Once a month, my friend Ellen and I try to meet up for breakfast or lunch. HB jokes about us being “Ladies of Leisure” with our monthly meet-ups, but really it’s not that much different from him going to lunch with his coworkers. (I don’t get that privilege since I work from home.)
Although I felt overwhelmed this morning with everything that needed to get done and was feeling a bit down on myself, meeting with Ellen gave me the spirit-boost that I needed. I consider myself lucky to have a great friend nearby with whom I can meet and talk with about anything/everything and not worry about being judged. I’m able to see things more clearly, come up with alternatives, and most importantly, decompress.
Some things we talked about today:
Permission to take care of oneself. We both tend to give, give, and give to our families, and yet never quite keep a reserve for ourselves. So we decided to give each other permission—an assignment—to take care of ourselves: a day each week to recharge, or if schedules don’t permit that, then an hour or so each day during which we would allow ourselves to indulge in something frivolous. Because at the end of the day when the work is done and the kids are put to bed, we do deserve a little treat. For me, it could be a few rounds of Scrabble, some chapters of a romance novel, an episode from a Korean drama, or maybe some retail/e-tail therapy. I need to remind myself that it’s highly encouraged, because all work and no play makes Mommy even a greater bitch to reckon with.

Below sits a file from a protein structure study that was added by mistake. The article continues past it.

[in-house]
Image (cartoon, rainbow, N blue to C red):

Parenting—there’s no easy answer. We muddle through as best as we can. Although there are tons of advice out there, it’s all about trial and error. Some approaches work better than others. And it’s OK to blow up once in a while, to not justify/rationalize one’s actions, and simply say, “Do it because I said so.” Ultimately, we want to teach our kids some core values and basic skills so they can take care of themselves. For me, I want to make sure my daughter knows: 1) don’t give up when things get hard; 2) work hard, play hard—but make sure you meet your responsibilities first; 3) don’t blame others for things that aren’t going right—make the most of what you can; 4) if you need help/want something, ask; 5) the world doesn’t revolve around you—you have to work with and around others; 6) do the right thing. And although the Princess may not like my ways, I do hope she understands that I’m trying to do my best for her sake.
Celebrate the small victories. Change happens gradually. People need encouragement/positive feedback along with the criticism. Even if things don’t go according to plan, be grateful for the little things.
The flip-side—things can always be worse.